First-round quarterbacks, by team, in the Super Bowl era

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With quarterbacks once again the focal point of the upcoming draft, especially in the first round, I got curious about the history of drafting first-round quarterbacks.

So I did the research, for a change. And I drew a line at 1966, the launch of the Super Bowl era.

The team-by-team list appears below, including the regular draft and the supplemental draft. The most first-round quarterbacks have been drafted by the Browns, with seven. The fewest is two — shared by the Cowboys, Panthers, Rams, Saints, Seahawks, and Texans.

The Cowboys and the Saints each used a first-round pick on a quarterback in a supplemental draft. Dallas and New Orleans, then, have only ever used a first-round quarterback in the regular draft once each. The Cowboys took Troy Aikman in 1989, and the Saints took Archie Manning in 1971.

Both of the Cowboys’ first-round quarterbacks were drafted the same year. Only a couple of months after making Aikman the first overall pick in the 1989 draft, the Cowboys used a first-round supplemental pick on Steve Walsh.

Here’s the list of all first-round quarterbacks selected by each and every team. Enjoy the rabbit hole.

Bears (five): Mitchell Trubisky (2017); Rex Grossman (2003); Cade McNown (1999); Jim Harbaugh (1987); Jim McMahon (1982).

Bengals (six): Joe Burrow (2020); Carson Palmer (2003); Akili Smith (1999); David Klinger (1992); Jack Thompson (1979); Greg Cook (1969).

Bills (four): Josh Allen (2018); EJ Manuel (2013); J.P. Losman (2004); Jim Kelly (1983).

Broncos (four): Paxton Lynch (2016); Tim Tebow (2010); Jay Cutler (2006); Tommy Maddox (1992).

Browns (seven): Baker Mayfield (2018); Johnny Manziel (2014); Brandon Weeden (2012); Brady Quinn (2007); Tim Couch (1999); Bernie Kosar (1985 supplemental); Mike Phipps (1970).

Buccaneers (five): Jameis Winston (2015); Josh Freeman (2009); Trent Dilfer (1994); Vinny Testaverde (1987); Doug Williams (1978).

Colts (six): Andrew Luck (2012); Peyton Manning (1998); Jeff George (1990); John Elway (1983); Art Schlicter (1982); Bert Jones (1973).

Cardinals (six): Kyler Murray (2019); Josh Rosen (2018); Matt Leinart (2006); Timm Rosenbach (1989 supplemental); Kelly Stouffer (1987); Steve Pisarkiewicz (1977).

Chargers (four): Justin Herbert (2020); Eli Manning (2004); Ryan Leaf (1998); Marty Domres (1969).

Chiefs (three): Patrick Mahomes (2017); Todd Blackledge (1983); Steve Fuller (1979).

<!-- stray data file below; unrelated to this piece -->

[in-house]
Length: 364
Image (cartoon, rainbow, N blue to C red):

Cowboys (two): Troy Aikman (1989); Steve Walsh (1989 supplemental).

Dolphins (five): Tua Tagovailoa (2020); Ryan Tannehill (2012); Dan Marino (1983); Bob Griese (1967); Rick Norton (1966).

Eagles (three): Carson Wentz (2016); Donovan McNabb (1999); John Reaves (1972);

Falcons (five): Matt Ryan (2008); Michael Vick (2001); Chris Miller (1987); Steve Bartowski (1975); Randy Johnson (1966).

49ers (three): Alex Smith (2005); Jim Druckenmiller (1997); Steve Spurrier (1967).

Giants (four): Daniel Jones (2019); Philip Rivers (2004); Dave Brown (1992 supplemental); Phil Simms (1979).

Jaguars (three): Blake Bortles (2013); Blaine Gabbert (2011); Byron Leftwich (2003).

Jets (five): Sam Darnold (2018); Mark Sanchez (2009); Chad Pennington (2000); Ken O’Brien (1983); Richard Todd (1976).

Lions (five): Matthew Stafford (2009); Joey Harrington (2002); Andre Ware (1990); Chuck Long (1986); Greg Landry (1968).

Packers (five): Jordan Love (2020); Aaron Rodgers (2005); Rich Campbell (1981); Jerry Tagge (1972); Don Horn (1967).

Panthers (two): Cam Newton (2011); Kerry Collins (1995).

Patriots (three): Drew Bledsoe (1993); Tony Eason (1983); Jim Plunkett (1971).

Raiders (three): JaMarcus Russell (2007); Todd Marinovich (1991); Marc Wilson (1980).

Rams (two): Jared Goff (2016); Sam Bradford (2010).

Ravens (three): Lamar Jackson (2018); Joe Flacco (2008); Kyle Boller (2003).

Saints (two): Dave Wilson (1981 supplemental); Archie Manning (1971).

Seahawks (two): Rick Mirer (1993); Dan McGwire (1991).

Steelers (three): Ben Roethlisberger (2004); Mark Malone (1980); Terry Bradshaw (1970).

Texans (two): Deshaun Watson (2017); David Carr (2002).

Titans (six): Marcus Mariota (2015); Jake Locker (2011); Vince Young (2006); Steve McNair (1995); Jim Everett (1986); Dan Pastorini (1971).

Vikings (four): Teddy Bridgewater (2014); Christian Ponder (2011); Daunte Culpepper (1999); Tommy Kramer (1977).

Washington (five): Dwayne Haskins (2019); Robert Griffin III (2012); Jason Campbell (2005); Patrick Ramsey (2002); Heath Shuler (1994).

21 responses to “First-round quarterbacks, by team, in the Super Bowl era

  1. Every Patriots and Panthers first rounder played in a Super Bowl. The Patriots did OK in round 6 too.